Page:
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Product, Service & Design Innovation
Startup on a Mission to UNDO Climate Change by ‘Putting Carbon in Its Place’

Using enhanced rock weathering to draw down carbon from the atmosphere, UNDO aims to spread enough crushed rock on farmlands by 2025 to permanently remove 1M tons of CO2.

Every year, humanity releases an alarming 40 billion tonnes of carbon emissions into the atmosphere — driving global temperature increases. This mounting crisis is exemplified by the long-term average temperature, which has already soared to 1.2°C above pre-industrial levels, with a perilous 1.5°C milestone looming on the horizon. In 2021, atmospheric carbon levels surged to a concerning 415 parts per million — marking a staggering 20 percent increase in just 42 years and pushing us ever closer to global tipping points.

The urgency for action is palpable, accentuated by the scientific consensus demanding the removal of 10 billion tons of carbon per year by 2050 to curtail the most devastating impacts of climate change. To restore our planet's delicate equilibrium, we need innovative solutions that actively remove carbon from the atmosphere. This is where companies such as UNDO come into play.


Founded in 2022, UK-based UNDO is already a leader in the exploding carbon-removal market — in this case, demonstrating the potential of enhanced rock weathering (ERW) to undo the climate-changing impacts of carbon dioxide.

“At UNDO, our ultimate goal is to reach gigaton-removal scale by spreading CO2-capturing rock on agricultural land around the world,” Nick Acfield, Account Manager at UNDO, explains to Sustainable Brands®. “When we talk to companies, the initial focus has to be on their decarbonization and switching away from fossil fuels — we stress that even as a carbon-removal organization. But this reduction is not enough; we are going to have to remove carbon from the atmosphere.”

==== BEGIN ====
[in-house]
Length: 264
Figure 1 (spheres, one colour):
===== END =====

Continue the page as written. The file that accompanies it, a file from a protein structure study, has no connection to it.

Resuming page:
ERW is situated at the intersection of nature-based and engineered carbon-removal solutions. The former includes techniques such as tree planting — a quintessential, natural method of carbon capture. While economical, these solutions have their limitations — being that trees only sequester CO2 for their lifespan and don’t capture their full potential for many years. They release their stored CO2 during decomposition or burning, often caused by logging and clearcutting for farmland.

On the other end of the spectrum, direct air capture (DAC) offers an effective and metered, though costly, means of mechanically extracting CO2 from the atmosphere and securely sequestering it underground. However, DAC can be energy-intensive — so, until we successfully shift our global power mix to renewables, energy-heavy technologies are counterproductive in terms of reducing reliance on climate-changing fossil fuels.

Approaches such as ERW offer a compelling compromise. This technique accelerates the speed and efficiency of the natural process of rock weathering, which gradually absorbs carbon over geological timescales. In doing so, it provides an avenue for sustainable and relatively rapid carbon removal — presenting an attractive solution to mitigate the impacts of climate change. By focusing on enhancing the carbon-sequestration ability of agricultural lands, UNDO is building on the work of fellow ERW innovators such as Vesta — which is applying the technique to coastal systems.